The following comes from the Teaching Co. website (click to go there)
America stands at a dramatic crossroads:
Massive banks and corporations wield disturbing power.
The huge income gap between the 1% and the other 99% grows visibly wider.
Astounding new technologies are changing American lives.
Conflicts over U.S. military interventionism, the environment, and immigration dominate public debate.
Sound familiar? You might be surprised to know that these headlines were ripped, not from today’s newspaper, but from newspapers over 100 years ago. These and other issues that characterize the early 21st century were also the hallmarks of the transformative periods known as the Gilded Age (1865-1900) and the Progressive Era (1900-1920).
Welcome to one of the most colorful, tumultuous, raucous, and profoundly pivotal epochs in American history. Stretching from the end of the Civil War in 1865 to roughly 1920, this extraordinary time was not only an era of vast and sweeping change—it saw the birth of the United States as we and the world at large now know it.
Before the Gilded Age and Progressive Era, America was a developing nation, with a largely agrarian economy; sharp divisions between North, South, and West; and virtually no role in global affairs. Yet by 1900, within an astonishing 35 years, the U.S. had emerged as the world’s greatest industrial power.
During the Gilded Age and Progressive Era, the U.S. went from “leading by example” and maintaining an isolationist foreign policy to become a major participant in international events, showing itself as a nascent superpower in the Spanish-American War and World War I.
Numerous other events came together during these same periods to create the U.S. that we know now. In a time rife with staggering excess, social unrest, and strident calls for reform, these remarkable events characterized the Gilded Age and Progressive Era:
Industrialization directly gave rise to a huge American middle class.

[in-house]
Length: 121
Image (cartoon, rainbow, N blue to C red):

New and voluminous waves of immigration added new material to the “melting pot” of U.S. society.
A mainly agrarian population became an urban one, witnessing the rise of huge cities.
The phenomenon of big business led to the formation of labor unions and the adoption of consumer protections.
Electricity, cars, and other technologies forever changed the landscape of American life.
To delve into the catalytic events of these times is to see, with crystal clarity, how the U.S. went from what we now might consider Third World status in the mid-19th century to become the major power it is today. Knowledge of these pivotal eras also provides insightful perspectives on conflicts that dominate our contemporary headlines—from fears surrounding immigration and income inequality to concern for the fate of the environment—and how they were meaningfully addressed in past times.
Now, in the 24 lectures of America in the Gilded Age and Progressive Era, Professor Edward T. O’Donnell of the College of the Holy Cross leads you in a sprawling, multifaceted journey through this uproarious epoch. In taking the measure of six dramatically innovative decades, you’ll investigate the economic, political, and social upheavals that marked these years, as well as the details of daily life and the critical cultural thinking of the times. In the process, you’ll meet robber barons, industrialists, socialites, crusading reformers, inventors, conservationists, women’s suffragists, civil rights activists, and passionate progressives, who together forged a new United States. These engrossing lectures provide a stunning and illuminating portrait of a nation-changing era.
30 MINUTES PER LECTURE
1. 1865: "Bind Up the Nation's Wounds"
2. The Reconstruction Revolution
3. Buffalo Bill Cody and the Myth of the West
4. Smokestack Nation: The Industrial Titans
5. Andrew Carnegie: The Self-Made Ideal
6. Big Business: Democracy for Sale?
7. The New Immigrants: A New America
8. Big Cities: The Underbelly Revealed
9. Popular Culture: Jazz, Modern Art, Movies
10. New Technology: Cars, Electricity, Records
11. The 1892 Homestead Strike
12. Morals and Manners: Middle-Class Society
13. Mrs. Vanderbilt's Gala Ball
14. Populist Revolt: The Grangers and Coxey
15. Rough Riders and the Imperial Dream
16. No More Corsets: The New Woman
17. Trust-Busting in the Progressive Era
18. The 1911 Triangle Fire and Reform
19. Theodore Roosevelt, Conservationist
20. Urban Reform: How the Other Half Lives
21. The 17th Amendment: Democracy Restored
22. Early Civil Rights: Washington or Du Bois?
23. Over There: A World Safe for Democracy
24. Upheaval and the End of an Era